When I see a person with strong African features showing the ability to control their language—making it flow into spaces rarely filled by smug captives of luxuriant poverty—I celebrate. This is why kintespace.com exists. My mission as a leader would be to attempt to respect this person because they have a presence and command—as punk George says—“from beyond the stars.” I read poetry out loud at The World Stage for almost a decade. Michael Datcher has been the gatekeeper there, working for the great Kamau Daáood, for almost as long.
One day, at least over five years ago, I asked Mr. Datcher about my being a featured reader. He quickly dismissed my query with the requirement that I have a published book. And that was it. After that, I eventually stopped coming to The World Stage. Reflecting upon this, I, in my poverty, leave myself with these two points—you choose one:
- The Anansi Writers Workshop needs to work on rasx() so that he can develop his talent. In the mean time, he is not ready to be a featured reader. We invite him to attend our meetings. Donations are accepted.
- The Anansi Writers Workshop is aware that rasx() is an extremely talented poet and live performer. Many of our dedicated members like Peter J. Harris can identify him in a crowded public place and remark about his work—because it is literally remarkable. However, we can’t find any openings for rasx() because our roster is filled with the likes of Jerry Quickley and Gia Scott-Heron (who will be performing at The World Stage Wednesday, February 9, 2005!). There are a lot of talented poets in Los Angeles and rasx(), who we know as Bryan Wilhite, is just one of them.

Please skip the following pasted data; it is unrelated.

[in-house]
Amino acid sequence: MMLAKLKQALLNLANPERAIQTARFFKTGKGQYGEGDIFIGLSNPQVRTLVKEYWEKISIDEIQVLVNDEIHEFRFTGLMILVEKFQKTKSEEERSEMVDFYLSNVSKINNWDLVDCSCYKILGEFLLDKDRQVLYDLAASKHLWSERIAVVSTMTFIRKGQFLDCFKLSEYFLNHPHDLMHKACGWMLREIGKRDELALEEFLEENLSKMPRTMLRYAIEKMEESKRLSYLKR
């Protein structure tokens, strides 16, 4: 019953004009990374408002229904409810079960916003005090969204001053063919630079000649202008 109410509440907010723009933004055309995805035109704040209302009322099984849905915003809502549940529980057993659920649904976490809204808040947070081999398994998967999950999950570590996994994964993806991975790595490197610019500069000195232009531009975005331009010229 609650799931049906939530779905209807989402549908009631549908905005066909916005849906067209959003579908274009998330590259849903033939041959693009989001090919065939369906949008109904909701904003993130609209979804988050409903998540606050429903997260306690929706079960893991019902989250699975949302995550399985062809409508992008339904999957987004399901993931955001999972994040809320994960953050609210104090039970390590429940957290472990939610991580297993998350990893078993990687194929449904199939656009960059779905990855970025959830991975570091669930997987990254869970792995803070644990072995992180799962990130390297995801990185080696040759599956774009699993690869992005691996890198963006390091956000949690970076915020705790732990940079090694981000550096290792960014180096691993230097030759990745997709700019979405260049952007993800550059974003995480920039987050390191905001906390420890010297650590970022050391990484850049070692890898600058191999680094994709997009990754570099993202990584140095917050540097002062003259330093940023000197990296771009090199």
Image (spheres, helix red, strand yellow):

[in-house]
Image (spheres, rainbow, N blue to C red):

I need to remind myself that these people are English-speaking artists before we get to any persona or aura that we may identify as African—or any cultural source of environmental consciousness. An artist is a talented ego. Ego-dominant people are likely to overlook others not within the circle of their pleasures… Once I put on my ego-logical thinking cap, it makes perfect sense that I should be left out of the privilege to read more than a two or five minutes at The World Stage. What reward will the Anansi people get out of it? When I go back to my ‘right’ mind, the rebuttal is that the people in the audience should always be made aware that deep Black thought is coming up out of the woodwork from everywhere—sources unknown to any special education programs for poetry. People must be permitted to represent nature itself and then nature must be celebrated. Unfortunately, most people of my past experience see people egocentrically—and they take the appropriate countermeasures to ‘defend’ themselves against the egocentric unknown.
Every time I bring this whole Michael-Datcher-thang up to a sister like Fumilayo Bankole she shakes her head. I guess I should change the subject. But I must add that my sister was a featured reader The World Stage and she has not been ‘formally’ published (like how some educated white folks—and Dr. Margo Crawford—want you published). She and I have chapbooks. And the opinion here is that both of us are very talented—with or without “formal” publication. And we still be coming up out the woodwork.